Workers at a San Francisco grocery store have spoken out after a store security guard was shot after he tried to stop shoplifters.
Saturday’s shooting outside the Balboa Park Safeway on Mission Street has some workers scared to go to work, he told The Standard on condition of anonymity.
The suspect in the shooting has been identified as 50-year-old Andre Brown. He was arrested by the police on several charges, including attempted murder, after he shot a security guard. Brown is in police custody.
An employee at Safeway said they were threatened by the brazen nature of the shoplifter who shot the security guard.
“If you ask anyone here, they will say they feel unsafe,” the worker said. “What if they come in and shoot me if I say something? Or if I’m walking home, and that, you know?” said the worker, making a gesture of being hit with a blunt object.
Another Safeway worker said he was concerned about future shootings, adding that children often shop at the store near Balboa High School.
“Yes, I am scared. One day, you are here and then one day you are not,” the worker said.
Mario Ching often shops at the Mission Street Safeway for his job as a DoorDash buyer. He said the shooting has left him nervous but feels it is part of life because of the frequency of mass shootings in the U.S., which he said are rare in Peru, where he is originally from.
“I don’t know; Everywhere is dangerous,” Ching said.
Vince Bick, who lives next door and was loading groceries into the trunk of his car, was shaken by the shooting as he spoke. Bic said he may shop elsewhere in the future.
A security guard, who asked not to be named, said he knew the guard who was shot and is now considering working away from retail. He said shopkeepers know that security guards are not allowed to arrest them and that gives them an incentive.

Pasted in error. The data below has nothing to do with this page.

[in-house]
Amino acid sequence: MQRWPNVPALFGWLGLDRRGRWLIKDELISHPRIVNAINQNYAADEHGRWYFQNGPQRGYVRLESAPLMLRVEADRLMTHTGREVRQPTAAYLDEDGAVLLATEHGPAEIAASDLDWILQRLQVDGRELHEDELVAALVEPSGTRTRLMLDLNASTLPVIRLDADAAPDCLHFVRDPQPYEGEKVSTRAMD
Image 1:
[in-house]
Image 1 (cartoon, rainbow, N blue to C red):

“I am thinking of getting another job. I don’t want to stress that much,” said the guard. “Maybe I can work in a hospital or something.”
Stephen Boardman, a spokesman for the security guard union SEIU-United Services Workers West, said more members have expressed concern about threats to their physical safety from the pandemic.
Boardman believes more security officers are needed to deal with people who have mental illnesses and may be violent.
“Things are going beyond the job description,” Boardman said. “More and more officers are being asked to reduce or deal with people with mental illness, and they’re not being trained to deal with these things.”
Local Supervisor Ahsha Safai said she was shocked by the shooting, adding that the failure to stop retail theft has damaged the city’s reputation, put workers at risk and discouraged businesses from operating here, including the recent temporary closure of a Cotopaxi store in San Francisco.
“I think we’re prioritizing that more than anywhere else. It is having a negative impact on the city,” Safai said. “Safeway is one of the unofficial city centers of that neighborhood. People from all walks of life shop there.”
Safai added that they are organizing a stakeholder forum called the Commercial Retail Theft Working Group.
Safai, the San Francisco Police Department and the District Attorney’s Office are holding a virtual community town hall Wednesday at 4 p.m. in response to the shooting.
Wendy Gutschall, a spokeswoman for Safeway’s parent company, Albertsons, said in a statement that the company’s “thoughts and best wishes are with the security guard” but declined to answer any questions, citing the ongoing investigation into the shooting.